Childhood Eden

June 2024
Ben Shragge

The Garden of Eden story, at its most basic level, is a story of childhood. As we mature and digest the knowledge of good and evil, we are all a little Adam and Eve, repeating humanity’s first chapter in miniature. The loss of innocence that the story describes is universal; but so is the opportunity to nurture, protect, and guide that innocence when it reappears in our children. As the parent of a two-year-old girl, I watch scenes from the garden play out in modern form each day.

In the Garden of Eden, Adam, the first man, “gave names to all the cattle and to the birds of the sky and to all the wild beasts.” In the nursery, my first-born daughter names the cows, owls, and zebras in her books. Of course, she’s not inventing their names like Adam, but her excitement at repeating them is a throwback to the dawn of language. With every pronouncement of a familiar word, she brings order and meaning to her universe. And when she points out the planets on a map of the solar system and says “ball,” or looks at patterned butterfly wings and says “flowers,” I share in the wonder and accidental poetry of learning to name.

During their time in paradise, Adam and Eve “were both naked, yet they felt no shame.” When my daughter is looking up at me as I change her diaper, the lack of shame is all too evident in her casual expression. Emotionally, too, she is unconcealed and uninhibited, whether in love or in anger. When, apropos of nothing, she hugs my legs and exclaims “Papa!” then I know it’s from the heart. And when she throws a tantrum in a restaurant, screaming uncontrollably and thrashing in her high chair, it doesn’t matter what onlookers think or decorum dictates. She will express her emotion until a new one takes its place. Nothing stands between her feelings and the world.

Of course, innocence has a built-in expiration date, commonly called maturity. As the climax of the Biblical story reminds us, we can’t live in Eden forever. After giving in to temptation and eating of the forbidden fruit, Adam and Eve “realized they were naked; so they sewed together fig leaves and made themselves loincloths.” They become self-conscious and, newly aware that they’ve done wrong, attempt to hide from their divine parent. God says that they have “become like one of us, knowing good and evil” and banishes them from the garden to a world of enmity and hard labor: our own. As much as my daughter’s own private world is Edenic, the wider world to which we are all inevitably exiled surrounds it on each side.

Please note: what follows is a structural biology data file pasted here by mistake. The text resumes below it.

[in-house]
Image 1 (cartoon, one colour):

Sometimes, despite the efforts and intentions of parents, that wider world creeps into childhood early. While my daughter is too young to know good and evil, let alone to cover herself in shame, there have been signs that an end to innocence is coming. Recently at a children’s museum, she walked over to a group of older children interacting with an exhibit. I let her approach, naively expecting that they would welcome her, only to watch them shove her aside. Within her wounded look was perhaps an early premonition that all is not good; that there is evil in this world, that there are those who love you and those who don’t, and that you must learn to distinguish between the two. It is a hard and necessary lesson, but one I hope can wait until she’s older for her to fully learn.

Her hurt expression was also a painful reminder to me as a parent. My responsibility is both to protect her little Eden and to start preparing her for that big, exciting, but dangerous world outside the garden. As a glance at today’s headlines (no matter what day it is) reminds us, we’re not living in paradise. And even among children, there is thoughtless cruelty: shoving, snatching, shaming, bullying. I need to teach my daughter to call serpents as well as farm animals by their names; to stay open to others, but also, at times, to put her guard up; to live wisely and choose righteously in a world of both good and evil. And, by so choosing, to make the world a little more like the Eden an innocent child imagines it to be.